"As the climate crisis continues to demand urgency and action, I hope to turn the knowledge from my study into action for climate justice."
What is your background and what did you want to be growing up?
Tēnā koe, my name is Hannah Huggan and I whakapapa to Te Aitanga-a-Māhaki and Rongowhakaata. My dad is also from the borders of Scotland. I have an older sister, Eilidh, who is also studying at Waikato and a twin sister, Molly, who is studying medicine in Auckland. I was born in Dunedin but I spent most of my childhood in Australia, Scotland, and Singapore. Growing up, I wanted to study at the University of Edinburgh to be a doctor but I changed my mind as my fight for climate justice continued to grow. This ultimately led me to make the decision to go to university a year early so I could pursue further education on politics and social change.
Can you explain why you chose to study your specific qualification?
I came to choose this area of study during my penultimate year at high school. As my passion for climate action and social justice began to grow in years 11 and 12, it became exceedingly important to me to develop a career in social change. This has allowed me to pursue knowledge and truth so that I can move forward with a greater understanding of the change I hope to lead in the future, particularly in a political space. The decision to study Māori and Indigenous Studies is to support me and my whānau as we reconnect to our Māori whakapapa and to ensure I understood the impact of colonisation and how that relates to the climate crisis. My Māori identity is at the core of who I am and continues to guide me in the path I am forging today. I'm incredibly grateful for all the support I have received to be attending university and I hope to honour my tīpuna, whānau, and community by translating my values into action.
What were some of the highlights for you while studying? Have there been achievements or experiences throughout your studies that stood out for you? (E.g. scholarships, awards, student exchanges, travel opportunities?).
Some highlights for me whilst I have been studying include the people I've met and the events hosted by the University of Waikato. Though there aren't as many opportunities to interact with other students due to COVID-19, I have still met a lot of great friends. University life makes it much easier to engage with people who are like-minded. Another highlight has been the events hosted by the University. The lunchtime concerts display the incredible talent of our music students and even attracts other phenomenal musicians. There was also the COP26 event and He Pū, He Pūoro, He Pūrakau.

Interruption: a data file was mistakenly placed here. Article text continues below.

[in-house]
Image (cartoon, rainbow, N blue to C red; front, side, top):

What are you really enjoying about your study?
Some highlights in my first year has been the quality of education I have received. Several of my papers have pushed my thinking and understanding so that I can think more critically about the world around me. I have enjoyed exploring complicated subjects to investigate their nuances and depth. The opportunity to learn te reo Māori, along with all my other FMIS papers, is incredibly significant to me and my whānau's reconnection to Te Ao Māori. I'm honoured to be surrounded by other Māori students and hear their stories, along with all the encouragement and support from staff.
What was the student experience like on campus? (E.g. class sizes, interactions with lecturers, group work, the campus itself?).
The student experience has drastically changed with COVID-19. It's been harder to interact with other students as class sizes are smaller and there aren't as many clubs running. However, panopto still offers high quality information that we can access at our own pace.
If you’re still studying, when you finish your study what is the plan? How do you want to use what you have learnt for the next stage in your life?
I will finish studying in 2023 and will hopefully continue on with some postgraduate study. As the climate crisis continues to demand urgency and action, I hope to turn the knowledge from my study into action for climate justice.
What is the most important/valuable thing you’ve learnt so far?
The most valuable thing I have learnt so far is how important it is to have people around you to support you. I am able to continue to pursue further education with the support of my family, friends, and community. It's an incredibly new, turbulent, and fast-paced time of your life but I'm grateful for the people around me who have continued to guide and assist me.
Do you feel your degree has put you in good stead professionally? If so, how?
I feel my degree has put me in good stead professionally as I will be able to begin my career with a wide breadth of study and understanding around what I will be pursuing. Particularly with a political career, I will be pushing and fighting for change with a foundation of evidence and knowledge supporting me.
What advice would you give to someone from home or another prospective student, wanting to follow the same study path as you?
There’s always a ‘noise’ that surrounds an issue that we can hold close to our heart – everyone’s opinions, feedback, and criticisms. But it’s not these people who are going to be celebrated or rejoiced, it’s going to be the people who show up and are brave. If you’re willing to fight for a cause then cut through the noise and step into your power.